Ever considered becoming a vet? If not, you might not be intimately acquainted with the spatial dimensions of a Veterinary Anatomical Theatre, like the recently renovated one that forms part of the Humboldt medical campus in Mitte. Right now, however, this particular theatre is the focus of a different kind of attention: from the art community.
For, covering the floor of the theatre and its surrounding rooms is a thin layer of hand-ground bone dust, carefully spread there by London-based artist Jodie Carey. Curated by nomadic curatorial initiative Neue Berliner Räume, the installation is an addition to the artist’s exhibition Immemorial at Rolando Anselmi. Previous installations for the Neue Berliner Räume collective include A room never meant to be, a one-afternoon-only piece that showed works from her Elegy series that collected digital prints of flowers. In both of these installations, the work communicates through the space itself, using the history of the site to inform the work – in the previous work, as the title suggests, the space in the Postfuhramt Mitte wasn’t exactly intended to exist, creating a threshold space for the artworks.
Carey relishes these experiences of exhibiting outside of the white cube, and for the Humboldt site she was taken with not only the space’s architecture (the Veterinary Anatomical Theatre was designed by Carl Gotthard Langhans, designer of the Brandenburg Gate) but also its historical use.
“I was very interested by the design of the building: I knew immediately that I didn’t want to make a number of different works. Instead I wanted to treat all the rooms as one space; to make one work; one installation.”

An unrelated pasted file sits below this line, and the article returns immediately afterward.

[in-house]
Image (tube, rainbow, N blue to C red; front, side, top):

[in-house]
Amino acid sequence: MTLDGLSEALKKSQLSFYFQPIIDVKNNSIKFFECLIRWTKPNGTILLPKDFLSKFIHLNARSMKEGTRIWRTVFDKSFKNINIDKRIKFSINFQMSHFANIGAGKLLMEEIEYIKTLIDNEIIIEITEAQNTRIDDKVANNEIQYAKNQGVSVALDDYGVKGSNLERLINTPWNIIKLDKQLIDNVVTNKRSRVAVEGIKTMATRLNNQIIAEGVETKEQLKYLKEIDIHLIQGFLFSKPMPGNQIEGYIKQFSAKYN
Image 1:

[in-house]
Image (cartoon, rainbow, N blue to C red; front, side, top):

Carey’s oeuvre consistently addresses themes of mortality and human understanding and ritualisation thereof. In conceptualising these questions, she uses a range of materials, though drawn towards those with symbolic significance like flowers, ash and blood. How to remember, how to memorialise that which has passed: these issues are as old as the human race. The artist has most recently been preoccupied with the idea of the monument and specifically with challenging their status as eternal Ozymandias-esque memorials. Instead, she creates temporary and decaying narratives of remembrance, echoes in themselves of the passing of time.
In the Veterinary Anatomical Theatre, Shroud’s 250kg of dust spills through the rooms with its varying shades of pale imitating a landscape, flowing in low, fragile contours. This fragility is a crucial aspect of the work’s effect, and one visitor accidentally walking across the installation only served to highlight this for Carey: “Although unfortunate, it also served to remind us just how fragile and ephemeral the work is; echoing the themes and concepts behind it. Despite being monumental in scale, it defies the traditional monument’s need for permanence and solidity. The work took over 35 hours to install, yet it can take just 5 minutes to destroy.”
With the show running for just 11 days, the transitory nature of the material in its current state is a sharp juxtaposition with bone’s original purpose: our body’s protection. Carey asks us to consider the fallibility of that protection in the context of a space that requires death for its very utility: a site that recycles and repurposes death, creating its own, new memorials in the minds of others.
Jodie Carey “Shroud”
Until July 27th 2013
Veterinary Anatomical Theatre